Care of Valentine’s Day Gifts


Valentine’s Day will be here before we know it, have you bought your loved one some flowers or maybe a houseplant to show them you love them.  Valentines’ Day is one of the biggest horticultural holidays that we have.  Personally, I like any holiday that gives anyone a reason to purchase or receive flowers.  For Valentine’s Day, many florists offer the option of either cut flowers or potted plants and houseplants.

Cut flowers are beautiful, especially roses on Valentine’s Day.  They smell so wonderful and they can really brighten a day.  Roses are a great choice for this holiday, as they are the staple for the day.  The great thing about roses is that they come in many different colors to suit each person’s unique tastes.  There are a lot of other great cut flowers to choose from for this holiday, or any day you want to tell someone you love them or you are thinking about them.  Other great cut flower choices include: carnation, daisy, snapdragon, lily, mum and many more.  Any of these would be a great choice, just pick something you or the recipient likes.  The best way to decide on flowers is to go into a shop and pick them out yourself, you can also browse a large selection online but you don’t get to “stop and smell the roses” in that case.


Care of cut flowers is important to make them last longer.

  • Purchase fresh flowers
  • Gift them soon after purchase
  • Re-cut the stems at an angle with a clean, sharp knife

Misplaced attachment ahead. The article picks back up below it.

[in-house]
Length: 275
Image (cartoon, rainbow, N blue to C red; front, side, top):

• It allows them to draw water in for lasting, full blooms
  • Remove any leaves that might fall below the water line
    • Leaves in the water line will deteriorate and cause bacteria to get into the water and eventually the flowers.
  • Do not use ice-cold water
    • Use lukewarm water for best absorption by the flowers.
  • Use a clean vase
  • Change the water daily
  • Use the flower preservative that comes with the bouquet
  • Do NOT placed in full sunlight or in drafty rooms or near the door

If you want to keep the flowers even longer, you can dry them. Begin the drying process before the flowers begin to wilt by hanging them upside down for a few weeks.  I always tie some string around the bouquet then use a clothespin to hang them on curtains.  Dried flowers do lose color in the process, but still look nice.  If the flowers are hanging where they lie flat against a wall or other object, they will dry with a flat side, so be sure to check to make sure they are away from other objects.

Photo by S. Cochran, UNL Extension in Lancaster County

For a houseplant or potted plant, there are many choices.  Orchid, Bromeliad, Kalanchoe, Gerber Daisy, Amaryllis, and Cyclamen are good choices with flowers.  You can also choose the greenery type, with little flower appearances including: philodendron, aloe, Mother-in-Law’s tongue, coleus, and ficus.  During the summer these can be placed outside to add to your landscape, but you don’t want to leave them outside during the winter, as they will not overwinter.  If you do place any houseplants outside during the summer, before you bring them inside look for or treat any pests that may have gotten on the plants while outside.  Each plant is going to have different care instructions such as light and watering instructions.  Follow the labels given in the plants for care, or if you have questions about the care of a particular plant, call your local Extension Office for these answers.

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